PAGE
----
October is Down Syndrome Awareness Month. I love a good hashtag so… #DSAM2014.

Raising awareness, (as I believe I’ve already rambled on about), is important because it helps new families and anyone who might come in contact with someone who has Down’s Syndrome feel more comfortable.

I appreciate there are tons of blogs raising awareness and giving important information on DS, in fact, there are too many for me to read! Yet I know that outside of the DS bubble, they are likely to go unnoticed. I certainly never noticed DSAM pre-Audrey!

But when Audrey was just days old, I gorged on birth stories – reading those was such an amazing, cathartic, experience. It was also a little like poking a bruise – reliving those overwhelming, negative emotions. I guess it feels ok to have had crazy, negative thoughts if other people felt that way too… Especially if, look! they’ve made it out the other side and are so happy! There was so much positivity to cling to and help us through those confusing first days/weeks/months.

And even though we are only 15 months into our journey, I still feel like we’ve come a hell of a long way and also that I have a responsibility to give back… That I should be sharing our story just in case someone else finds it useful/a comfort/interesting. I also want to make sure that sharing out story seems ‘normal’ (whatever normal is), but you know, not too special-needsy. Much of what we experience with Audrey is just what everyone is experiencing with their little ones.

In fact, I got so motivated to spread DS awareness this week I did something I thought I’d never do…. I joined Mumsnet… dun dun dun!

I thought I could start a thread, offer up a Q&A for women who had either just had a baby with Down’s Syndrome unexpectedly or answer some questions for women with a prenatal diagnosis or ‘high risk’ screening. I was worried that rummaging on the dreaded Mumsnet might actually upset me – that there would be a lot of negativity and discussion around ‘high risk’ results and planned terminations. I only looked at one thread relating to the screening and someone sensible advised the expectant mother to look at, or comment in the special needs section of the site. Aha, so I had underestimated Mumsnet! They have a special needs section in the chat forums! I sort of felt like I wasn’t needed! More on mummy forums in another post… I have a need to rant about them, but now is not the time!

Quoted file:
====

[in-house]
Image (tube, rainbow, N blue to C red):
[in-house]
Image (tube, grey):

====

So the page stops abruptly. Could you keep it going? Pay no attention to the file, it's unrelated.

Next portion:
Down Syndrome Awareness Month has definitely helped me picture a better future for Audrey and helped me get through some tough early months… So now a year on from our first DSAM, I hope our story is helping some other new mama feel a bit better about it all.

And here she is… A very popular picture of Audrey (over 200 likes on IG) from Saturday…


Upsetting news

I mentioned a few posts back that I was in touch with a woman who had prenatal screening that advised 99% that the foetus had Down’s Syndrome. I couldn’t offer her the perspective of someone who knew they were carrying a child with special needs, so I put her in touch with someone who could. Today we found out that she decided to terminate.

I am NOT saying she shouldn’t have terminated or that our input should have made her want to keep the baby, I’m just saddened that it’s so scary to have a child with special needs that there’s a way to opt out. I’m saddened that this is the norm. 92% of women who receive a prenatal diagnosis of DS, terminate and whilst I don’t know what it’s like to receive the news whilst pregnant, I do know what it’s like to feel like the diagnosis is the worst thing in the world and soon find out it’s not.

In this particular case, the woman in question met with several families, spoke to/emailed others… so she probably had more information than most before making the decision. I guess that’s really why I find the news so upsetting; even with support and positivity from the Down’s Syndrome community; she still felt she couldn’t keep the baby.

Whilst I know the decision wouldn’t have been taken lightly and I think she was very brave to contact DS families to help her and her partner make the choice, it still feels like we all failed to convince her it would be ok in the end.

This experience has made me more determined than ever to raise awareness and get people falling in love with Audrey. I hope our family can be a source of comfort, inspiration and hope for anyone wondering what life with a baby with DS is like.